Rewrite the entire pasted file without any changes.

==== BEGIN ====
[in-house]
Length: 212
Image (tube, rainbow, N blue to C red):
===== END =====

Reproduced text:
[in-house]
Length: 212
Image (tube, rainbow, N blue to C red):